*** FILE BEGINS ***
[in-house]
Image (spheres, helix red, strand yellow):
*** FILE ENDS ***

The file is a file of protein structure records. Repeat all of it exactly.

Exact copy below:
[in-house]
Image (spheres, helix red, strand yellow):